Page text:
Dr. Charles ‘Chuck’ Ganzert
- Published: April 21, 2016
Dr. Charles (Chuck) Ford Ganzert died on March 31, 2016, in Seattle, Wash., after suffering a massive stroke at the age of 63. He was attended by his wife, Patricia Cianciolo, his sister Lynn and brother Dave at the time of his passing.
Chuck was born in Richmond, Va., in 1952. He attended J.R. Tucker High School and received a bachelor’s degree from Virginia Polytechnic Institute. While in Blacksburg, Chuck taught school, danced with a clogging troupe for three years, worked at the college radio station and played violin with a number of string and jug bands.
Migrating to Yellow Springs in the late ’70s, he began working with Jerry Womacks making furniture and musical instruments, including his own fiddle. Following his strong musical and performing interests, Chuck soon joined WYSO. During his eight-year tenure at the station, he served on the WYSO Advisory Board, acted as program director, wrote for the program guide, hosted the long-running weekly folk show “What’s My Line?” and engineered and produced countless broadcasts of live music from the station and other venues. He also performed with local musicians such as Marvin Thordsen, Rick Wagner and Dave Gordon.
In 1986, his eight-part series, “Tis Sweet to Be Remembered,” was chosen unanimously as the Radio Program of the Year by the Ohio Educational Broadcaster’s Association. It received the highest marks in every category, including production. “Even the cow was on cue.”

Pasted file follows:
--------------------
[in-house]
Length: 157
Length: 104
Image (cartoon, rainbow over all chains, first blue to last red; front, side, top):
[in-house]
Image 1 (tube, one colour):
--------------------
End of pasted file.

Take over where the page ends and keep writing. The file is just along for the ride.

Chuck and Pish left Yellow Springs in 1987. While Pish was teaching at Rio Grande College, Chuck was earning a master’s degree and doctorate at Ohio University.
Dr. Ganzert and Dr. Cianciolo landed in Marquette, Mich., at Northern Michigan University, where they joined the faculty. Chuck was able to follow his lifelong passions as a member of the Communications and Performance Department. Beyond his regular academic duties, he oversaw the student radio station, contributed productions for the local public broadcasting station and was deeply involved with the Hiawatha Traditional Music Festival. In his 23 years at NMU, Chuck is credited with “championing several groundbreaking initiatives” as well as receiving numerous awards. Before his death, he was chosen to receive the 2016 Distinguished Faculty Award, which will be presented posthumously.
Chuck’s brother David stated in his tribute: “He enjoyed music of all types, hiking, skiing, kayaking, photography, woodworking, storytelling and, most of all, sharing these pastimes with his loved ones.” Every place Chuck went he brought energy, creativity and a sense of humor. We were all fortunate to know him.
A celebration of Chuck’s life will take place at NMU in the University Center on April 24, 1–3 p.m.